This measure passed the General Assembly, on a vote of 115 in favor, 3 against, and 55 abstentions (the abstentions were in order not to offend U.S. President Obama, who was opposed to the resolution).
The measure had been presented to their General Assembly after a period of more than a decade of rising “neo-Nazi” (i.e., racist-fascist) movements in Europe, including especially in Ukraine, where two Ukrainian nazi parties were installed by the U.S. into high posts in Ukraine’s new government, immediately after the democratically elected Ukrainian President Victor Yanukovych was overthrown in a violent coup in Kiev during February of this year. The entire Ukrainian ‘defense’ establishment was then immediately taken over by the leaders of these two nazi parties, which rabidly hate ethnic Russians, and Ukraine is now led by the first — and so far, the only — nazi government to take charge of any country after the end of WW II. Within less than a mere three months after the coup, this new Government began an ethnic-cleansing program in Ukraine’s own ethnic-Russian southeast, where around 90% of the residents had voted for the man who had been overthrown in the coup — this was a campaign to isolate and exterminate those people, so that those voters could never again participate in a Ukrainian national election. Unless those voters would be eliminated, these nazis would be elected out of power — removed from office.
Ukraine voted no on this resolution because this new Ukrainian Government is the only nazi regime in the world, and they are doing the standard nazi things, and so what they are doing is in violation of numerous international laws, which are not being enforced, but which are re-asserted and re-affirmed in this resolution, though Ukraine and the Ukrainian situation aren’t at all mentioned in the resolution. The United States voted no on it, because the U.S. Government had placed them into power. And Canada voted no on it because their far-right Prime Minister, Stephen Harper, has been a virtually unquestioning supporter of all U.S. foreign-policy positions, and wants U.S. President Barack Obama to approve construction of the Keystone XL pipeline to assist the Koch brothers and other large oil giants to profitably transport and sell to Europe and around the world, tar-sands oil from Canada’s landlocked Athabasca region.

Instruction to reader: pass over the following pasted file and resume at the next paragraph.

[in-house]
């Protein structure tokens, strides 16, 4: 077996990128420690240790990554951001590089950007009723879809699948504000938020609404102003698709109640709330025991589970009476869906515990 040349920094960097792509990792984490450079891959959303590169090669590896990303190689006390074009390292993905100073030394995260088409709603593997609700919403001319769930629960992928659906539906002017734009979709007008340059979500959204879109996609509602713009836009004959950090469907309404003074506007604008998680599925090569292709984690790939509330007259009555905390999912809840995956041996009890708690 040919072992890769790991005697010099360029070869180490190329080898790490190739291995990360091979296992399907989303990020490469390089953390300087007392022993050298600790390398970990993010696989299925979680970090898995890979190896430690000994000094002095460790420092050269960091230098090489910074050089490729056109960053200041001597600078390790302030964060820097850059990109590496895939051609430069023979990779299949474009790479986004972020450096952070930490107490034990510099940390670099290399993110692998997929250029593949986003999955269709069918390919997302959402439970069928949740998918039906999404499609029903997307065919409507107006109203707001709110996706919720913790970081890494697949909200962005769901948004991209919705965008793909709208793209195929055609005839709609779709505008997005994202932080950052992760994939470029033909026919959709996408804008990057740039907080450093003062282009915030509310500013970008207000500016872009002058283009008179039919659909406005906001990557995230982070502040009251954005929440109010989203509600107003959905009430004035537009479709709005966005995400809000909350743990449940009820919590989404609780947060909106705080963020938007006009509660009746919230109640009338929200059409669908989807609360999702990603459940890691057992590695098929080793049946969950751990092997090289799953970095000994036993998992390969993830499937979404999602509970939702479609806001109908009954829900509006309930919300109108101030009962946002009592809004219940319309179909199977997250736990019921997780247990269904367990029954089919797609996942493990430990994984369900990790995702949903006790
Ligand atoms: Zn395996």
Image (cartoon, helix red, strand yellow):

Germany abstained from voting on this resolution because their leader, Chancellor Angela Merkel, does not want to offend the U.S. President by voting for a resolution that the U.S. Government strongly opposes; and also because, as today’s leader of the land where nazism started — in the first nazi political party, the Nazi Party of Germany — she does not want Germany to vote against a resolution that condemns Nazism. If Germany were to have voted against this anti-nazi resolution, she would have faced a political firestorm at home. So, Germany abstained, in order not to offend Obama on the one side, and her public on the other.